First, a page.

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Oral Myofunctional Disorders

Oral Myofunctional Disorders (OMDs) include a variety of negative habit patterns, postures, and functional activities. These types of disorders can lead to abnormal growth and development of teeth and the hard palate. Speech/articulation patterns may also become distorted. ​

​​Signs of OMDs:​​

  • Non-nutritive chewing and sucking habits (thumb sucking, nail biting, etc.)

  • Habitual open mouth posture

  • Improper position of the tongue at rest

  • Jaw muscle instability

  • Tongue thrusting

  • Ineffective chewing and biting skills

  • Overall orofacial muscle dysfunction

  • Speech Difficulties ("R", "S", "L", "Z" are common errors)

What causes an orofacial myofunctional disorder (OMD)?

There can be many factors that result in an orofacial myofunctional disorder. Research shows that airway obstruction is one of the leading factors leading to the development of an OMD. Airway obstruction can be caused by several factors:


  • Tongue & Lip Tie

  • Thumb Sucking/Pacifier Sucking/Finger Sucking

  • Enlarged Tonsils/Adenoids

  • Deviated Septum

  • Nasal Polyps

  • Several other causal factors


At rest, in a healthy oral posture the lips are closed with the tongue resting along the hard palate (roof) of the mouth. During the foundational years of life, this tongue posture helps to form the shape of the inside of the mouth, including the hard palate (roof of the mouth) and position of the teeth. When a person’s airway is restricted by any one of these factors, they will make adjustments in order to be able to breath.


For instance, if you cannot breathe through your nose, you will open your mouth. While that is not necessarily problematic once in a while like when you have a cold, if the airway obstruction is chronic, the muscles, bones, and habits of the person can be affected. In the case of thumb sucking, a child is at risk of developing a high narrow palate and open bite of the front teeth. Constant mouth breathing can result in a low tongue posture, again, causing a high narrow palate. These examples are very general but may begin to give you a good idea of how our habits and muscles may affect the development of other muscles and bones in our body.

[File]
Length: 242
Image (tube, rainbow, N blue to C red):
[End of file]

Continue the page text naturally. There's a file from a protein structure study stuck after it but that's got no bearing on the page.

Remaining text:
Orofacial Myology

(aka Orofacial Myofunctional Therapy)

Orofacial Myology has been defined as “the study and treatment of oral and facial muscles as they relate to speech, dentition, chewing/bolus collection, swallowing, and overall mental and physical health” (S.R Holtzman).


Orofacial Myofunctional Therapy involves an individualized program to help the patient retrain these adaptive patterns of muscle function, and to create and maintain a healthy orofacial environment. Treatment goals may include the following:​​

  • Normalize tongue and lip resting postures

  • Establish nasal breathing patterns

  • Eliminate improper chewing and swallowing patterns

  • Stabilize the dentition from extraneous orofacial muscle movement


Address harmful oral habits including:

  • Prolonged pacifier use

  • Thumb and/or finger sucking

  • Fingernail, cheek, or lip biting

  • Tongue sucking

  • Clenching or grinding of the teeth


Benefits of Orofacial Myofunctional Therapy may include:

  • Correcting and improving tongue and lip postures which can aid in the development of normal patterns of dental eruption and alignment.

  • Assisting in the stabilization of the teeth during and/or after orthodontic treatment or jaw surgery

  • Identifying the need and referring for Speech treatment. Supporting the remediation of speech errors differently than some traditional methods (when working with a speech-language pathologist trained in Orofacial Myology).


Orofacial Myofunctional Therapy requires a commitment by the patient with parental support to complete the exercises.  Exercises are used to correct tongue and lip resting postures as well as to develop correct chewing and swallowing patterns. These daily exercises are painless and relatively simple and should be done consistently.


An Orofacial Myofunctional Therapist consistently monitors individual progress each week and adjusts the therapy program as needed. Collaboration with your monitoring dental professional is often necessary to make effective advancement.

Thumb sucking/pacifier programs:

At Speech with Sarah, we offer a highly effective 10-day individualized program to eliminate thumb and finger sucking and pacifier use. Our individualized program motivates and enables the child to make the decision to stop!  Why stop? Thumb sucking or sucking a pacifier may lead to malocclusion and open bite, imprecise speech production, chronic mouth breathing, deformed hard palate.

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Thumb Sucking

Orofacial Myofunctional Therapy

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